This year’s regular season has been one of the most wild seasons in recent memory. Nine of the fifteen teams in the NL finished with records over .500 and the Phillies finished a game shy of joining the list. The AL had three teams win at least 100 games. The Rays missed the playoffs while still winning 90 games by only using two starting pitchers in their rotation and “bullpenning” or "The Opener" for well over half their games down the stretch. The Red Sox had their best win total in their history and the Orioles had the worst season by an MLB team since the disastrous ‘03 Tigers and finished 61 games back. The season came down to two games 163 to decide both teams in the Wild Card match up and to propel the Brewers and Dodgers into the NLDS.
This month in the Hall of Very Good we look as the 2018 season. A mixture of oddballs, underdogs, overachievers and stars, this was a season where the Giants had the highest opening day payroll and missed the playoffs and the A’s had the lowest and face the lauded Yankees in the AL Wildcard game.
We nearly had a the first NL Triple Crown winner since 1937 (Joe “Ducky” Medwick) with Brewers OF Christian Yelich. In his first season with the Brewers he had career highs in everything, leading the NL with a .326 AVG. He came an RBI shy of Javier Baez in game 163 against the Cubs and was swinging for one last solo home run for what would have been a momentary solo home run in his last AB (although he still would have fallen short of Arenado who homered one more time in the late game. Yelich finished with a .326 AVG, 36 home runs and 110 RBI.
Nolan Arenado from the hot corner for the Rockies led the NL in homers for the third time in four seasons and tied for second in RBI (110) while teammate Trevor Story was second in home runs with 37 and tied for fourth in RBI with 108. This Colorado dominance in triple crown categories harkens back to the days of Larry Walker and Andrés Galarraga.
Cubs super utility player Javier Baez could be the first player to win multiple gold gloves in the same season. the first player in MLB history to hit more than 30 home runs during a season in which he’s played at least 20 games at second base, third base and shortstop. Oh yeah, he led the league in RBI, too.
Baez wasn’t the only guy roving around the infield while hitting 30-plus homers. "The Mayor of Ding Dong City," Travis Shaw, moved from 3B to 2B when the Brewers acquired Mike Moustakas. Shaw ended up with 32 homers while playing 107 games at 3B, 39 at second and threw in 17 games at first base.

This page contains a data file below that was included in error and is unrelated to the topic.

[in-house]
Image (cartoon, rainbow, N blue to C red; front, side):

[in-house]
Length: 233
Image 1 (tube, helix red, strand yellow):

Only 13 times in MLB history have players ever struck out 200 times or more in a season and 2018 saw three players sink to those depths. Yoan Moncada, second baseman of the White Sox led the league with 217. That’s just the fourth most K’s by a hitter in a season all-time and only six from the most ever. Yankees outfielder Giancarlo Stanton struck out 211 times to go with his 38 homers. Man on all the corners for the Rangers (seriously, the guy played 1B, 3B, RF and LF this year) Joey Gallo just barely poked his AVG over .200, striking out 207 times (10th most all-time) and finishing third in the bigs in homers with 40.
Nationals right fielder Bryce Harper’s season was marred as a big disappointment in his walk season hitting .249 on the season. He took walk year very literally, leading the league in bases on balls with 130 raising his OBP to .394.
First baseman Chris Davis, however, was fourth in the majors in striking out hitting only .168 with 16 home runs and made $23 million. He is hardly in his walk year for the last place Orioles as he will be collecting that same check in Baltimore for the next four seasons. What a nightmare.
The real Khris Davis, outfielder from Oakland, led the league with 48 homers for the low low price of $10.5 million. It was his third year in a row with 40+ homers and fourth in a row hitting exactly .247 because he is apparently obsessive about the number.
The A’s were loaded with power this year and second year first baseman Matt Olson raised his home run total from 24 to 29 and his doubles total from 2, yes TWO, to 33. He’s been going through the same OCD routine as teammate Davis and also hit .247 this year.
The strength of the A’s this year might have actually been their pen with closer Blake Treinen. He led the league in WPA, a stat that I had never heard before, but apparently has quite a value as it measures a players worth toward changing the win probability for their team throughout the game. Regardless of advanced statistics, Treinen had an ERA of 0.78, collected 38 saves, only 5 blown saves and even won 9 games as a closer. His numbers can only be compared to Zach Britton’s 2016 season with the Orioles where he had a 0.54 ERA and 47 saves yet didn’t even crack the top three of Cy Young voting that year.
While the save is a stat that is not measured with as much reverence as it once did, Seattle closer Edwin Diaz’s 2018 total of 57 should still be eyebrow raising. It is the second most in a season behind Francisco “K-Rod” Rodriguez’s 62 in 2008, and matches Bobby Thigpen’s total in 1990 that stood as the record for 28 years. Those 28 years overlapped with the careers of Dennis Eckersley, Trevor Hoffman and Mariano Rivera and none of those closing greats were able to match 57 in a single season. Diaz didn’t luck into his saves, he had an ERA of 1.96, a WHIP of 0.791 and struck out 15.2 batters per 9 innings. Those WHIP and K/9 averages even dwarf Blake Treinen in his fantastic season.